Comet, a 120 ton coasting brig registered at
Port Elizabeth and
first mentioned in Cape records in October
1836 had a succession of captains: T Patterson, W T Haddon and J Rodham. Her
usual ports of call were Cape Town and Algoa Bay,
with lengthier voyages to Batavia and Rio.
Her moment in the spotlight of history came at Port Natal, when, after conflict with hostile Zulus, remaining British residents there took refuge at sea on the Comet (Capt Rodham). These events would lead to the struggle for possession of Port Natal between the trekkers’
British government in 1842.* Republic
Captain William Bell and his schooner Conch, unknowingly destined to play their part in that struggle, meanwhile continued coastal trading activities between Table Bay and
These voyages were regularly reported in various publications - Grahamstown
Journal, Cape Frontier Times, South African Commercial Advertiser, Government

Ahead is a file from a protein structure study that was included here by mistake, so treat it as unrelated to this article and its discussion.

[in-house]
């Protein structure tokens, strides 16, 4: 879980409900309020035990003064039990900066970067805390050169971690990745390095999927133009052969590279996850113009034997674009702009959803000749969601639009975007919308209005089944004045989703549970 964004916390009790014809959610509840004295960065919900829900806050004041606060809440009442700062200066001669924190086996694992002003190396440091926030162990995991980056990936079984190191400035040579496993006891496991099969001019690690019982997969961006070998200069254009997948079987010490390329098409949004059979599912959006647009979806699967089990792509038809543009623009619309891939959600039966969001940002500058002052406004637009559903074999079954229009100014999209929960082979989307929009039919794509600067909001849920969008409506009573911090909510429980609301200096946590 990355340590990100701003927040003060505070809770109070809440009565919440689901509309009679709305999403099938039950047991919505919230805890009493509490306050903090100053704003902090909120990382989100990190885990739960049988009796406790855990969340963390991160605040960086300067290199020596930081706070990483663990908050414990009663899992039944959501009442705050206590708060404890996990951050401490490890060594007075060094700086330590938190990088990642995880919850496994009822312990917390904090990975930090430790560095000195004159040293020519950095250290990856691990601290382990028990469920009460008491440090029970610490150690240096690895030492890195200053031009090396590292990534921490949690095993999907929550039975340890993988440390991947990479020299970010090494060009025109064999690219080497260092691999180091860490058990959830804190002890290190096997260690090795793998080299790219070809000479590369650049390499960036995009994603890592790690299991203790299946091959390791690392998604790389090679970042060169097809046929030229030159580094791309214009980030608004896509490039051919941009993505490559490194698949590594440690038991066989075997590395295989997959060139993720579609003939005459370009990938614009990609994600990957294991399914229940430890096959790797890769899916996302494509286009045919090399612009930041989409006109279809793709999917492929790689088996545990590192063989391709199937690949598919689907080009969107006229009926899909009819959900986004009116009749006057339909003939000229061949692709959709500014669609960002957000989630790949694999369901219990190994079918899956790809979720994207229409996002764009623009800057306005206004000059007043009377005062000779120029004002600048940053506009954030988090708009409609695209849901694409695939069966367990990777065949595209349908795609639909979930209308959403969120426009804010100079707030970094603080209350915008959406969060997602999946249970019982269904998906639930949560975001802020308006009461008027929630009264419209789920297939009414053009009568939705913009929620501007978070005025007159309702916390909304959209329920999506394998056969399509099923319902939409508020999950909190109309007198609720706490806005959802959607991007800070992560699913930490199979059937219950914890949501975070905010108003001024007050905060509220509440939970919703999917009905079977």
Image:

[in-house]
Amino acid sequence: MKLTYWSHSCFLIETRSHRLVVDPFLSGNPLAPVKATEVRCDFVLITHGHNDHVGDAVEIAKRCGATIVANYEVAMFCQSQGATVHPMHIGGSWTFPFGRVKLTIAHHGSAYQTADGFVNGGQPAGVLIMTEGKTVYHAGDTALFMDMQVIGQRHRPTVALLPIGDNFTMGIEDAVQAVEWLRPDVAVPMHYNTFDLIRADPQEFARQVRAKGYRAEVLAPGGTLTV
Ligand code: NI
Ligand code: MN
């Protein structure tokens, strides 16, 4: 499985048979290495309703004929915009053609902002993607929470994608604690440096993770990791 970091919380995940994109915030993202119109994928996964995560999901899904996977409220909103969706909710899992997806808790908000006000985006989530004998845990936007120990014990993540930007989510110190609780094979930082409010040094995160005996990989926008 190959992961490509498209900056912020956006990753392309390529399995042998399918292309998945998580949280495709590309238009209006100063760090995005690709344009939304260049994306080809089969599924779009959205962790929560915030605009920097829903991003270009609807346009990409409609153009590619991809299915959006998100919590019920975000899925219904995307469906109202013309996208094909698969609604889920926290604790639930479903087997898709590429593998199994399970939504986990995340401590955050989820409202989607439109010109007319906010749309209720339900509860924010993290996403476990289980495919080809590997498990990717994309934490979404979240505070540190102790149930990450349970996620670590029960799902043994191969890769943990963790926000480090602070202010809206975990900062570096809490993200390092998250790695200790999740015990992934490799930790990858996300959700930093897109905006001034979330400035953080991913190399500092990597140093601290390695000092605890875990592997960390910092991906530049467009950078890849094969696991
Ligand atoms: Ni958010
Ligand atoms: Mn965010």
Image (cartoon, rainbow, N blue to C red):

Gazette. Algoa Bay
Other vessels and their masters can be tracked in similar fashion. Too numerous to list all here, some of the latter include: D Cadenhead, J Houghton, J Toby, W G Searles, J Pybus, J McDonald, H McDonald, J Reid. Selecting a random example, Captain Toby’s career can be further fleshed out by archival records held in the
Cape; he was master of the
schooner Frederick Huth in which his wife sailed with him on at least one occasion from Calcutta to Table Bay. These mariners' wives must have had good sea legs.
* For more on this era in Natal's history see